Owing to these intense weather conditions, farmers need large amounts of water to care for their rural areas. But most of the time they are not enough not only for watering their estates but not for drinking water. This is a super wicked problem.

With open questions such as: How much water is available? Where is the water coming from? How is this changing in time? What is causing these changes? In addition, there are in almost all cases, multiple stakeholders that deal with the management of water resources. This renders the decision-making difficult and sometimes even impossible.

Some questions to be asked :

  • When does a flood become a nuisance? Is it if the water level reaches ankle, knee or hip-high?
  • What is water scarcity? How do we deal with water availability, water demand, and water allocation?
  • What are the critical moments in time and space? Are they shifting with climate change?

And related to above :

  • What are our windows of opportunity?
  • How much information do we need to enable informed decision-making?
  • What are our different perspectives and perceptions and how do we bring them together to be able to prioritize actions?
  • How about equity? Is migration driven by equity imbalance? Are the imbalance and migration related to water?
  • Are smallholder farmers looking towards a sustainable and acceptable level of quality of life, or is it a dead-end road and should we make more haste with alternative solutions?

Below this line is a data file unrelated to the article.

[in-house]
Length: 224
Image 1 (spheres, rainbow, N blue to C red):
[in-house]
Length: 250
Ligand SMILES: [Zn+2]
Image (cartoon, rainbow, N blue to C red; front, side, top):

The Characteristics of Wicked Problems

Now let analyze the characteristics of Wicked Problems from our example above :

  • There is no definitive formula for a wicked problem. The production relationship of a crop and the amount of water from the treatment depends on various factors, such as climatic conditions, soil and applied crop cultivation.
  • Wicked problems have no stopping rule, as there’s no way to know your solution is final. Due to the lack of irrigation planning, farmers began to experiment and to feel safe tend to increase the amount of water irrigation, especially when its price is low.
  • Solutions to wicked problems are not true-or-false, they can only be good-or-bad: One solution is to come to a common agreement on the amount of water each may use, but an unpredictable factor is the extreme weather conditions.
  • There is no immediate test of a solution to a wicked problem. : Besides other problems related to environmental changes, In Greece, we have a big bureaucracy problem, so making decisions has enough time.